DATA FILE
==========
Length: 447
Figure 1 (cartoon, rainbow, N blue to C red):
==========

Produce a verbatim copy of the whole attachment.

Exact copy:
Length: 447
Figure 1 (cartoon, rainbow, N blue to C red):